Of the nine patients who underwent catheter ablation of an accessory pathway, five were completely symptom-free after the procedure. One patient showed nonsustained right bundle branch block (RBBB) postablation, whereas another one showed persistent RBBB. The one patient with the Mahaim fibers still has infrequent antidromic SVT. The remaining one patient with persistent symptoms postablation had a short period of ectopic atrial tachycardia postablation and a persistently increased PR interval.

Only four patients are currently on antiarrhythmic drugs: one because of infrequent SVT while never ablated, one because of infrequent antidromic SVT despite two ablation sessions for Mahaim fibers, one because of ventricular fibrillation in the neonatal period, and the last one because of mild heart failure.

Three patients (19%) had been operated on for their EA, without any surgical antiarrhythmic procedure. Two underwent a tricuspid valve repair and atrial septal defect closure, one also with plication of the right ventricle. The latter had a spontaneously subsiding junctional ectopic tachycardia rhythm disturbance in the immediate postoperative period. The other patient underwent a series of operations resulting in a Fontan procedure.

Discussion

This retrospective study of all consecutive live-born EA patients referred to one of the six Dutch pediatric heart centers over a 25-year period shows that 16 out of 93 pediatric EA patients exhibited rhythm disturbances during childhood or adolescence. Two died in the neonatal period: one because of a suspected arrhythmic event and one due to incessant SVT. The 14 patients still alive all showed (intermittently) preexcitation and all but one had arrhythmic events, most commonly paroxysmal SVT. In nine patients, arrhythmic events urged catheter ablation of accessory pathways that were successful in eight patients.

The prevalence of 17% of arrhythmic events in our EA population of children and adolescents is significantly lower than the prevalence reported in adult EA patients [2]. Adult EA patients have a higher prevalence of arrhythmic events because they not only show preexcitation but also can show prolonged PR interval, ectopic atrial tachycardia, atrial flutter, and atrial fibrillation. These arrhythmic events are caused by tricuspid regurgitation-induced right atrial enlargement, or due to secondary alterations of the right atrial myocardium from previous cardiac surgery, or occur postoperatively as a result of incisional atrial tachycardia. Surprisingly, all surviving pediatric EA patients with arrhythmic events also had (intermittently) preexcitation, rendering a preexcitation prevalence of 15% in this pediatric population of EA patients. This prevalence is not different from the ones reported in populations of EA patients of all ages, ranging from 10% to 21% [2, 3, 6, 7, 9, 11, 13, 14, 17, 18, 24, 25, 27]. As EA is a malformation of the right side of the heart, it is not surprising that in our study, as in others [2, 3, 6, 7, 9, 11, 13, 14, 17, 18, 24, 25, 27], only right-sided accessory pathways are found. The pediatric algorithm to predict the location of the accessory pathway based on QRS polarity in all ECG leads as devised by Boersma et al. [4] appeared to be more congruent with the results during catheter ablation than the adult algorithm as developed by d’Avila [8].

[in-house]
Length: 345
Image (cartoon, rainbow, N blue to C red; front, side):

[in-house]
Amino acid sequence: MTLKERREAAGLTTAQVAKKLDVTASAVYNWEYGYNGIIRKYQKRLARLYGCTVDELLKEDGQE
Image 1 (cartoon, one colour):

Little is known about the prevalence of preexcitation in neonates with EA. Starnes et al. [24] and Knott-Craig et al. [18] reported no preexcitation in their patients, yet the number of neonates studied was very limited (five and three, respectively). Celermajer et al. [7] found a prevalence of 10% (5 out of 50 neonates). This is in accordance with the current study with a prevalence of 10% in neonates (6/58).

The estimated prevalence of the WPW pattern in the general population is reported to be 0.01–0.3%. However, this might be an underestimation because an intermittent type of WPW pattern is common [23]. The prevalence of WPW increases in a population with congenital heart defects, in particular EA [16].

Five of the EA patients with preexcitation were detected during follow-up because of arrhythmia-related symptoms. Most probably, preexcitation was not detected at the time of EA diagnosis because of the intermittent nature of the WPW pattern, as already demonstrated by Munger et al. [19] and Goudevenos et al. [12]. The clinical presentation and natural history of patients with accessory pathways is highly variable. Cardiac arrhythmias, most frequently paroxysmal supraventricular tachycardia, occur in approximately 50% of individuals who have ventricular preexcitation [1, 12, 19]. Furthermore, only half of the patients with accessory pathways have their first tachycardia at <20 years of age [22].